ChasingART Celebrates Claribel & Etta Cone

“Creativity takes courage.” Henri Matisse

Henri Matisse fondly called them “my two Baltimore ladies.”  Etta and Claribel Cone were captivated by Henri Matisse.    No one could match their enthusiasm, which was underscored by the monetary means provided by the Cone brothers:  Moses and Ceasar.

The Cone brothers had a knack for generating wealth, a talent inherited from their parents: Herman (Kahn) Cone and Helen (Guggenheimer) Cone.  Herman and Helen emigrated from Germany to the United States in 1845, settling in Jonesboro, Tennessee, where they opened a successful grocery store. The first five of their twelve children, which included Etta and Claribel, were born in Jonesboro before the family moved to Baltimore, Maryland in 1871.

The oldest Cone brothers, Moses and Ceasar relocated and established a textile business in Greensboro, North Carolina.  Their business acumen was rewarded when the U.S. military chose their company to be the main supplier for the U.S. military during WWI. As well, they became the largest provider of denim for Levi Strauss. The Cone brothers were, in effect, the financial backers of the Cone sisters.  Etta and Claribel, on their second trip to Paris in 1922, had the buying power to fill seven crates of art to ship home, which was over and above their personal luggage that required them to arrange for additional space on their return trip.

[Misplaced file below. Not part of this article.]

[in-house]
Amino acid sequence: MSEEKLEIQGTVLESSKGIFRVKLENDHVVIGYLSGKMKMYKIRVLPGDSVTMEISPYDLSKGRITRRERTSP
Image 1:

We can thank the Cone sisters for their tenacity in collecting, but we must also thank the Cone brothers who generously supported and encouraged their sisters’ pursuit of beauty.  Henri Matisse said that “creativity takes courage.”   It also takes courage to accumulate artistic forms that are not embraced within mainstream society.  In the end, however, it takes money to sustain creative endeavours.  Without financial backing, an artist must make alternative plans for making a living.

Etta and Claribel Cone brought together a remarkable art collection that numbered 3,000 pieces. Over 500 of these were created by Henri Matisse – now recognized as the largest and most complete private collection of his work.  We marvel at the insight, the circumstances and the fortunes that fashioned this happy ending; yet, what draws our interest and imagination is the profound and deeply moving friendship between an artist and two sisters that lasted a lifetime.

“I have always tried to hide my efforts and wished my works to have a light joyousness of springtime which never lets anyone suspect the labours it has cost me.”  Henri Matisse